Today I run a test over my db to explore the speed difference between accessing a key from options, custom table & transients. I ran the test for 1000 times and following is the time taken to run 1000 get operations:
Keep in mind that the options table is used for both options and transients on most systems, and that table has been optimised, with indexes added. So it's not a fair comparison
get_transient() 0.0245 seconds
get_option() 0.0068 seconds
simple select operation from Custom Table 0.65 seconds
This is also an unfair comparison, options with the
autoload option set, will be loaded in advanced in a single query early on. So
get_option is pulling from
WP_Cache, the option has already been retrieved.
TLDR: It's not actually fetching the option, it was already fetched, it's just pulling it from memory due to the
I also checked that transient was not expired during this test.
This shouldn't have an impact on a normal system on transient retrieval, after all it doesn't know if it's expired until it's been retrieved.
So the question is, is get_option() faster than get_transient() or did I mess up something in my test?
- On most systems, transients are stored using options, both involve a
- Options with
autoload set to true are all loaded in a single call at the start so they're kept in memory, no queries happen after this
- Object caching caches both autoloaded options, and transients
Is custom table delay due to options being cached default by WordPress?
Very possible, but how fast that select takes depends a lot on the query and table design
Also, is options also cached by different caching plugins like the transients?
WP_Cache is used, which will store it in memory for the rest of the request. Caching plugins might persist these values for performance reasons.
These are all cached via
WP_Cache so the second time you request it, no DB is involved.
Variability and It Depends
This all assumes a common basis, but what about object caches?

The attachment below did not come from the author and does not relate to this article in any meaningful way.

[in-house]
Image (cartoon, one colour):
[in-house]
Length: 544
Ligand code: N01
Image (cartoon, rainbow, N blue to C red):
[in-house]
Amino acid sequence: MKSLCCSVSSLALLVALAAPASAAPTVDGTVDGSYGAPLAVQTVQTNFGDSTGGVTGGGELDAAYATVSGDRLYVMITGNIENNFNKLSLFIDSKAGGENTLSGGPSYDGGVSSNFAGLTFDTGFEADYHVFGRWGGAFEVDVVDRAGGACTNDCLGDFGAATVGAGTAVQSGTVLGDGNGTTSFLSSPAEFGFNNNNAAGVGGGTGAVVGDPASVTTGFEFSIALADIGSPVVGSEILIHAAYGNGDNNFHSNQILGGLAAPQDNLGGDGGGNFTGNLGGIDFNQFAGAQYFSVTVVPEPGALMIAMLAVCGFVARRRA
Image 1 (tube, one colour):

Lets introduce a MemcacheD instance, or a Redis instance ( I STRONGLY recommend you do so if you have the option, HUGE performance benefits for well built sites, especially if you use them for page caching, unless you have something like Varnish setup )
Now we have a new situation:
- Now data is stored in RAM, and once it's fetched from the DB it's primed, and access times are dramatically reduced. Still slower than a variable, but significantly faster than a database query
- A lot of new data is stored in
WP_Cache that normally isn't. E.g.
WP_Post objects, post meta, etc
WP_Cache now persists across requests
- MemcacheD etc can eliminate expired transients etc
So now transients and options have the same access cost. They were already close, but they're now negligible and have more to do with the CPU load at the time the request was made.
So For Performance Should I Use Transients or Options?
While it's a worthy question to wonder about, the answer is that the difference is negligible and within the margins of error
So stop micro-optimising, they're the same storage medium, and this is not worthy of your time
- Use options if you need to store something that's site wide
- Use transients to temporarily store things that are expensive to calculate so you don't have to the next time
It is not worth your time to choose one over the other based on performance, there's no meaningful difference.
There are far better things to do to optimise that give significantly greater savings, e.g. using taxonomies instead of meta in post queries, not using
__not style parameters, doing fewer things on the page, installing an object cache, lower posts per page, avoiding remote requests etc
What About A Custom Table That Will...
No, the options table is already well optimised, using a custom table will simply move operations outside of the WP Caching system, forcing you to write your own